With Spain witnessing an increase in migrant arrivals, especially via the enclaves Ceuta and Melilla, human rights activists and lawyers are warning of illegal pushbacks by police forces and a border policy that is breaching human rights.
In early February, a tragedy occurred five miles off the coast of the Spanish enclave Melilla. More than twenty bodies were recovered from the sea after migrants drowned when their boat was shipwrecked during an attempt to reach the coast.
Apart from Italy and Greece, Spain is one of the main countries of arrival for migrants wanting to reach Europe. Last year, 22,103 migrants and refugees arrived on Spanish shores, the Spanish Commission for Refugees (CEAR) reported.
The number is three times higher than in 2016. According to CEAR, migrants are increasingly arriving on Andalusian shores via Ceuta and Melilla and the Alboran sea. 'We can see it in places like Motril, Almería and Malaga," says Esteban Velazquez, the former head of the migration delegation of the archbishopric of Tangier in Nador, Morocco.
Vulnerable on both sides the border
Velazquez now lives in Granada, Spain, where he is witness to tensions concerning migrant arrivals. "Recently, the police left a group of migrants at Granada's bus station hoping an NGO would pick them up, but nobody did," he adds.
Velazquez spent three years in Nador, where he saw firsthand the vulnerable situation of migrants on Spain’s southern border. "Migrants' rights are violated on both sides: Morocco and Spain," he says.
On January 31, he spoke at the European Institute of the Mediterranean (IEMed) in Barcelona. "The full story is not being reported. We hear about Mount Gourougou [a mountain overlooking Spanish Melilla], where people are waiting to cross the border," he says. "But on other nearby mountains, women migrants are forced into prostitution." This, he says, is not being made public.
Helping migrants who failed to cross
Velazquez's religious organisation offers health care assistance to migrants who attempted to cross the border. "Since late 2012, Moroccan Special Forces — a type of police — have been taking migrants who failed to cross the border, and were injured in the attempt, to hospitals. Before they're fully recovered, they're discharged and left to their fate in Morocco's city streets and parks," he says.
"We buried people who died due to police brutality after they tried to cross the border," says Velasquez. "I saw around 20 or 40 people aged between 15 and 23 bleeding, with their feet and shoulders broken, their brains cracked open. Some had lost their eyes because the Spanish police (Guardia Civil) used rubber bullets until the Tarajal tragedy happened," Velazquez says.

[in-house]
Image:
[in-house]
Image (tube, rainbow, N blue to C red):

The tragedy of Tarajal
The Tarajal incident on February 6, 2014, is considered as one of the darkest moments for the Spanish-Moroccan border region. Fifteen African migrants drowned while trying to swim from a beach in Morocco to Ceuta. Human rights groups demanded an investigation after witnesses accused Spanish security forces of firing at the migrants in the water. While admitting its forces used rubber bullets, the government denied they had targeted the migrants directly.
"There's impunity at the border," says Virginia Rodriguez, Research Coordinator at porCausa, a foundation focused on journalism and research on migration issues. "Four years later [after Tarajal], the Spanish justice system refuses to investigate what happened in Ceuta despite the evidence," says Rodriguez.
The incident caused migration policy changes. It legalized pushbacks. "Human rights organizations have been denouncing such activities for years. But the Spanish government denies it," says Marta Valladaura, lawyer from IRIDIA, a Barcelona-based association that works for the defence of human rights.
"The change in policy states that 'Foreigners who are detected at the border of the territorial demarcation of Ceuta or Melilla while trying to overcome the elements of border contention to cross the border irregularly may be rejected in order to prevent their illegal entry into Spain,'" says Valladura.
Human rights activist on trial
The day of Velasquez's talk, Helena Maleno, a Spanish human rights activist, was being tried in Morocco for allegedly fomenting human trafficking in an investigation opened by Spanish police. Maleno has been living in Morocco for 15 years, and constantly receives distress calls from migrants trying to cross the Mediterranean.
In Spain, Maleno’s supporters have mobilized to show their support. "Her case is a clear example of how the pre-eminence of protecting the border is imposing on human rights. Not only the rights of migrants, but also of human rights defenders. They are convinced that they have to defend the dignity of those trying to cross the border. But they can end up in a court for that," says Rodriguez.
The judge’s decision in Maleno’s case is still pending.